The president of the largest employer in Cedar Rapids says his company could move overseas if math and science education does not improve in the United States. Rockwell-Collins president and C.E.O. Clay Jones says there’s a crisis in technology, science, engineering, and math education in this country and while his company has a great workforce now, but that might not be the case in 10 to 15 years.
“Our view is if we don’t do something to fuel this interest in science and math, then not only is America going to lose its way but we as a company are going to have to go elsewhere to find that talent,” Jones says. “That’s why you see a lot of American companies moving to India or moving to China, moving to Eastern Europe where that commitment is there and the recognition of the economic capability science and math brings those countries exists.”
Jones says to spark students’ interest in those important subjects, his company is increasing its commitment to hands on activities like student competitions in technology and robotics. Marion Blakey is with a Washington, D.C. based lobbying group that represents Rockwell-Collins and other companies in the aerospace industry.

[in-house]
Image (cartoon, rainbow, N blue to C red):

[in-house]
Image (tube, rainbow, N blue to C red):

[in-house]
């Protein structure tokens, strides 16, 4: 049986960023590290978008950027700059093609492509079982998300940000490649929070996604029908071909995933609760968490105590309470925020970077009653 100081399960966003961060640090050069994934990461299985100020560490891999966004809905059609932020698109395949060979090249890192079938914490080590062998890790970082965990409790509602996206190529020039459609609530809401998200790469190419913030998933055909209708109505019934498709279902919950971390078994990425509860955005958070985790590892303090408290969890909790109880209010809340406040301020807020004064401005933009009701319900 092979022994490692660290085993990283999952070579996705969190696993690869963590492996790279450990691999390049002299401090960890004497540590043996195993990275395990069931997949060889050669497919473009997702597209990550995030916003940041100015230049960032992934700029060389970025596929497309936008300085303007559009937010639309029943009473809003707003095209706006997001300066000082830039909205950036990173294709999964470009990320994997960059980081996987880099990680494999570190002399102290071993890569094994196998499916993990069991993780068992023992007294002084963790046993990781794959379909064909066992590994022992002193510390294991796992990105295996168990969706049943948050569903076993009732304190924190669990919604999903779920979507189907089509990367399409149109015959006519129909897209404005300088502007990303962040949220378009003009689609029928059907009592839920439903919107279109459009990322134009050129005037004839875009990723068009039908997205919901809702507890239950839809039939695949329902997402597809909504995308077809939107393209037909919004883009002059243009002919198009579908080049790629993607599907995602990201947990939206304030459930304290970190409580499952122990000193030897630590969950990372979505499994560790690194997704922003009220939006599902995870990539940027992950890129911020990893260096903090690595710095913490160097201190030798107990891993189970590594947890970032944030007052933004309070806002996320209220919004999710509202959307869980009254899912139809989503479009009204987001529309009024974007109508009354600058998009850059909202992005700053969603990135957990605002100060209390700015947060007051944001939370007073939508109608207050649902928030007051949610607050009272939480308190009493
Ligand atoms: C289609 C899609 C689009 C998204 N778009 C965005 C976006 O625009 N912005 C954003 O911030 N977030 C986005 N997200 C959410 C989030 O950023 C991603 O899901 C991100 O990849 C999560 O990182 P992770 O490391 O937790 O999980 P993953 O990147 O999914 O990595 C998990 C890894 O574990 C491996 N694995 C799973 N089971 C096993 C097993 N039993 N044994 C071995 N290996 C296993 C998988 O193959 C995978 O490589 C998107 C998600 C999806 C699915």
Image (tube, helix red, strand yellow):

“We have always had in the United States a tremendous technological advantage. We’re great innovators and have put forward much of what the world relies on in terms of technology but, frankly, we’re falling behind in science, technology, engineering,” she says. “Our students are not ranking well when you look at them against students from all around the world. We’re almost in last place in some of this.”
Blakey was the keynote speaker at a Rockwell-Collins event this week in Iowa. The Collins Radio Company was founded in Cedar Rapids in 1933, then Rockwell International bought the company in 1973. Rockwell-Collins employs about 10-thousand people in the state of Iowa.